Attia Gray is a powerful example of the importance of standing up for one’s rights, no matter the obstacles we may face, either in local communities or in federal policy.
As a middle school student in northwest Indiana, Attia won the right to wear hijab, which she was initially banned from wearing by a teacher. Attia met with her school principal to overturn the teacher’s decision. Her classmates supported her efforts, recognizing that her civil rights were being violated. Her experience was written up in the local paper. Now in high school, Attia has been named Muslim Female Youth of the Year for her other work in the community.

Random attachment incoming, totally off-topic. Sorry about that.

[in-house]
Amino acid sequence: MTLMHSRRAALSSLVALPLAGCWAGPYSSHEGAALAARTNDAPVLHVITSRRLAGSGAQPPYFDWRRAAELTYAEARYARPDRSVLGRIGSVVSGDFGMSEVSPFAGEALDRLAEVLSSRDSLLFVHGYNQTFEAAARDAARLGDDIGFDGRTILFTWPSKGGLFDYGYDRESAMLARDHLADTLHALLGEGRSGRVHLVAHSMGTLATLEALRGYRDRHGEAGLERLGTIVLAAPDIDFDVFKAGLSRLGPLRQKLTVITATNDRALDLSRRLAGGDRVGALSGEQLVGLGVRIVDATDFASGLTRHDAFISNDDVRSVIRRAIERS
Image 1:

Attia is an inspiration: standing up for religious freedom and advancing civil rights starting from a young age. I met Attia at Mosque Cares, the annual convention of American Muslims affiliated with the Ministry of Imam W. Deen Mohammed, held from Aug. 29-31 in Chicago, IL.
This was the second year I attended the convention to build relationships with faith leaders and related individuals and organizations involved with the Ministry, the majority of whom hail from the African American community.
I met Attia along with many other community members with whom I exchanged stories—of the problems faced by American Muslims, but also of what individuals and organizations are doing to solve them.
It was rewarding to hear people’s stories related to religious and racial profiling, and make the link between their experiences and what is happening in the broader community. These individuals were encouraged to learn that Muslim Advocates exists and can be a resource for them and the entire community.
Authored by Glenn Katon, Legal Director, Muslim Advocates